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Posted July 21, 2012
Reviewed by Anne B. for Readers Favorite
In "Silent Think Time: How to Bring Virtues Back into Our Home, Schools, Counseling and Work" Karen Zalubowski Stryker cleverly uses her expertise as a teacher, systems analyst and business owner. Ms Stryker has five college degrees: in psychology, computer science, art and two in education. The concept behind STT is to relieve stress by taking two breaks a day, one in the morning and one in the evening, of 15-50 minutes, to meditate. It is suggested that the employer or teacher prepares specific areas and times for the employee or student to sit and contemplate on such questions as: “Who am I in relation to the rest of the world?” and “What was my most precious moment today?” Ms Stryker found that using her techniques helped her students to focus, concentrate and behave with a positive attitude toward others. Having vastly traveled outside the United States, Stryker discovered that something similar to STT was being used in many countries. Around mid morning the teacher asks the children to lay their heads on their desk and be completely quiet, or in the afternoon the children would lie quietly on a mat. This practice calmed the children down. As I read this part I remembered my third grade class. Ms Myers employed the very same technique on us each day. We had a quiet time with our heads on our desks each afternoon. Often a few students would fall asleep.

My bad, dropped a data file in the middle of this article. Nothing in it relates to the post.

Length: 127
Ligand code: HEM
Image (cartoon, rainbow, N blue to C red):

Ms Stryker continues by expanding on the topic, explaining the importance of attitudes and showing how meditation assists the body in healing. The concept has positive benefits that should be at least discussed by institutions. There is much more in this book than I can address in this review. However, I do want to mention that Stryker suggests this may calm hyperactive children and adults. Ms Stryker’s book is interesting, well-organized and easy to read. Much of the philosophy could be called new age although Chakra is actually part tantric and yoga, whose roots are in Hinduism.